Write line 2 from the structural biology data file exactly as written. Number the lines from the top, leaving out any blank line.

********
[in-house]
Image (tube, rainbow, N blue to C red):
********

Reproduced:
Image (tube, rainbow, N blue to C red):